The bike justice beat goes on.
It wasn’t that long ago that drivers who killed or maimed cyclists seemed to drive off with barely a slap on the wrist. But lately, there seems to be a steady drumbeat of convictions, even if some drivers still get off far too easy.
Maybe that speaks to the pressure we’ve been applying in our demands for justice.
Or maybe it just speaks to the unacceptably high number of serious cycling cases currently clogging the courts. Or the sheer idiocity of those behind the wheel.
Case in point, Julianne Elyse Thompson was convicted after pleading guilty in a bizarre case in which she ran down and killed 64-year old Arthur John Jacobs in Carlsbad. Then fled the scene at high speed, only to be discovered hiding in the bushes across from an apartment complex where she’d abandoned her car.
Thompson plead guilty to charges of gross vehicular manslaughter while intoxicated and hit-and-run causing death. Her blood alcohol level was measured at 0.25 after her arrest — over three times the legal limit, and approaching the level that can cause death.
She is expected to be sentenced to a well-deserved six years in state prison.
Jason Travers was arrested about an hour after a 5:42 pm hit-and-run that left a cyclist with non-life threatening injuries. The 25-year old rider, identified as Paul Tetu, was hit from behind while attempting to make a left turn, and thrown 20 feet through the air.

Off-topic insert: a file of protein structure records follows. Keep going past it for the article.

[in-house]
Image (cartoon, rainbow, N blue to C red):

In a sign of the sheer stupidity demonstrated by some drivers — especially those foolish enough to flee the scene of a collision — Travers called police to report he may have been in a collision, after apparently seeing the story on the news. But swore he wasn’t the one who hit the cyclist.
Needless to say, police investigators found evidence connecting him to the crime. Which they may never have found if Travers hadn’t attempted to craft a case of implausible deniability.
He showed much better judgement at his arraignment on Wednesday, entering a plea of No Contest to the hit-and-run charge; sentencing will take place next month.
Finally, Orange County deputies stopped cars in an effort to find the hit-and-run killer of Randy Isaacs, as his family pleads for justice.
Isaacs was killed after putting his children to bed at his parents house, while riding his son’s bike a few blocks to the room he was renting after separating from his wife.